Danny, for situations in the office when it’s not busy, the phones are open, do you still recommend placing callers on hold?

No, not necessarily, but sometimes, even if you’re not busy, it depends on the caller. If you get the sense that the caller might benefit from hearing the message, that it might calm them down or it might impart some information. Obviously, if they’re in a hurry you don’t want to do that, but I really do want to add that if you’re going to place somebody on hold and you have the time, you should say, “In case we get disconnected, would you mind if I just jot down your contact information?” Not all calls are being recorded. If they’re a client of ours and a prospective patient calls, then we are recording it most likely, but it’s a good practice to get the contact information and then just say, “Would you mind if I put you on hold for a second so I can get to a quiet area and give you my undivided attention?” If they say, “I really haven’t got time for that.” Say, “I’m sorry.  Let me get your contact information and let me call you back when it’s a little bit more convenient.”

I certainly recommend taking notes or taking down a patient’s name and contact information.  That’s just a great service. You’re showing them that you care, and you’re not relying on technology to either record the call or the caller ID to tell you who it is.  With the number of calls coming from cell phones, I know we here at the sales and marketing of Aseptico, we have to make sure that for every call that comes in that you write down the name of the caller, number of the caller just in case something happens.  There’s not better form of service than getting back to somebody when they have been disconnected, particularly if they’ve been on hold for a while.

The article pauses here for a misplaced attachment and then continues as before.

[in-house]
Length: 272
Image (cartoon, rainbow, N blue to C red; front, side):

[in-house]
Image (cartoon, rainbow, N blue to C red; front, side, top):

I agree, and that was a long answer to a short question.  The real answer is it depends, and the question was should they be placed on hold even if the office is not busy.  The answer is no, not necessarily.

Right, and my last question is for people that do purchase the offer, The Art of First Impression, how long does it generally take for practices, for the individuals to get comfortable with The Art of First Impression or the TAFI introduction?

Well, the introduction, that’s a great question.  It really does depend, and I will tell you this.  I don’t know how many in attendance are golfers, but if you’ve been a golfer and you wanted to improve your game, you go to a golf coach.  He tells you you’re doing your swing all wrong and you need to redo your swing.  So, let’s say you were golfing in the 80s and he gives you a new swing and you try it. Chances are you’re going to be golfing in the 80s or 90s. For those of you that don’t know, the more strokes the worse.